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Basque workers’ working hours were the shortest in the whole of the Spanish State and among the shortest in the OECD in 2014.
The average in the Basque Country in 2014 stood at 1,534 hours worked, that is, 155 fewer hours a year than in the Spanish State. As for the OECD, the Basque Country occupies the sixth position behind Germany, the Netherlands, Norway, Denmark and France, but ahead of countries such as Switzerland, Sweden or Finland with regard to the number of hours worked. They are all countries which are developing the most advanced work-family reconciliation policies in the world.
Below are two charts which show the working hours in the OECD in 2014 and in the Spanish State in the first quarter of 2015.
These data remain positive in 2015, since Basque workers worked 389 hours on average in the first quarter of the year and the Basque Country was the autonomous community with the lowest effective working hours in the State, where the average was 402 hours, according to a report prepared by Randstad.
Three variables were taken into account to make the calculation for this analysis: arranged annual hours, overtime and non-worked hours either due to holidays, days off, sick leaves or other reasons.
The average stands at 402 hours and Madrid, La Rioja and Cantabria are the communities where the highest number of hours is worked, with effective working hours above 407 hours per worker. In the Basque Country, professionals worked 389.10 effective hours in the first quarter, which is below the average.
Since 2008, 16 out of the 17 autonomous communities have undergone decreases in the average number of hours worked by their employees in the first three quarters of the year. The only community which has behaved differently is the Balearic Islands, where working hours have increased by 0.6%, from 404.10 hours in 2008 to 406.50 hours in 2015.
The Basque Country heads labour productivity in the Spanish State and is third in the European Union
In spite of being the territory with the shortest working hours, the Basque Country is also the Autonomous Community with the highest labour productivity per worker in the Spanish State, way ahead of the second. The Basque Country has a labour productivity 30.50% higher than the average in Europe and occupies the third position as a country, only behind Luxembourg and Ireland.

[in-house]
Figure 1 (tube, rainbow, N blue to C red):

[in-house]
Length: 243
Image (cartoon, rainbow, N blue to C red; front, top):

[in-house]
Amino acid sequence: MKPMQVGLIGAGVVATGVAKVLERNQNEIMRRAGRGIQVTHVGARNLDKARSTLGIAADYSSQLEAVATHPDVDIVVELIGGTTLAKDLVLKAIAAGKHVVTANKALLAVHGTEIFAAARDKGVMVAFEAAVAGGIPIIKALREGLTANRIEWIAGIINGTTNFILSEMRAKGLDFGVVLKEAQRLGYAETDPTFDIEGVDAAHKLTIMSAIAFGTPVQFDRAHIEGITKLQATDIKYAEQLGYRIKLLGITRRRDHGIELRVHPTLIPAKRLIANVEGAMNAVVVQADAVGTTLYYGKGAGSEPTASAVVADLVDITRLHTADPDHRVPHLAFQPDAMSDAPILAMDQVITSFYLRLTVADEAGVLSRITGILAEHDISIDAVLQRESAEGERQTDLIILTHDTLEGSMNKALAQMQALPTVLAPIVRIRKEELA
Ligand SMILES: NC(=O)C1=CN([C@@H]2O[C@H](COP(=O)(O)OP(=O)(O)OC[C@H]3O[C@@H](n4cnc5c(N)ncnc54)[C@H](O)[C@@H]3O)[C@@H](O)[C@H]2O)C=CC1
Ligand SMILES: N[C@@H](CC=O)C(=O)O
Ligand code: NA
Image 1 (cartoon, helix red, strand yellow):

Source: EUROSTAT, INE
Last update: EUROSTAT 2014 – INE 2012
The data from the 3rd Annual Monitor on salaries by Adecco have also been published recently and show that salaries in Spain gained 0.2 purchasing power in 2014 after four consecutive years undergoing cuts due to the fall in prices. Thus, between the community with the highest salary (Basque Country, with 1,969 Euros) and the lowest (Extremadura, 1,353 Euros) there is a gap of more than 600 Euros.
Source: Adecco/ Barceló & asociados based on the INE (National Institute of Statistics) and Eurostat
When we compare these data to other European countries and due to the differences in the distribution of work-related taxes (which part is paid by the employer and which part is paid by the employee) in the different countries, it is necessary to refer to the net disposable household income rather than to the gross salary. In this regard, we can see that the Basque Country occupies the fourth position in Europe, with a net household income of 33,767 Euros. Leaving non-EU members Switzerland and Norway aside, the Basque Country occupies the second position in the ranking, only behind Luxembourg within the European Union.
Thus, the net household income in the Basque Country is 61% above the average in the eurozone, which stands at 20,887 Euros, and nearly twice as much as the average in the 28 EU countries, which stands at 17,661 Euros.
*All the countries
**Germany, Austria, Belgium, Denmark, Spain, Finland, France, Greece, Ireland, Italy, Luxemburg, the Netherlands, Portugal, United Kingdom and Sweden